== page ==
Without a comprehensive innovation strategy, you are inadvertently setting your business up to fail. As ongoing disruption in a global economy requires businesses to evolve, here are 5 reasons why you should establish your own innovation strategy:

1.  The world is full of people with ideas

Before you get started, it’s important to remember you’re not the only one innovating. It is highly common for two people to produce the same idea, often simultaneously. When people around the world are constantly generating ideas and bringing them to market, it’s effective to have an innovation strategy to combat the competition.

2.  Innovation can challenge your identity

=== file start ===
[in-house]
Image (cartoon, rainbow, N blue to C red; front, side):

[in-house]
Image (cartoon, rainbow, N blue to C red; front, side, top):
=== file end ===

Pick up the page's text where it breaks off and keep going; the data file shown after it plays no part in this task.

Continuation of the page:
Radical innovations are known to put the identity of leaders and organisations to the test. To achieve your goals, you might need to re-shape the internal and external perception of your business to align with the direction of your innovation. An effective innovation strategy can help with this.

3.  Navigating uncertainty

Innovation can quickly lead to uncertainties around scalability, technicality, functionality, and affordability. A great prototype can often be worthless without a strategy to reinforce its growth potential. An innovation strategy should aim to identify questions and explore novel solutions to assist in managing market uncertainty.

4.  Uncertainty creating new opportunities for competitors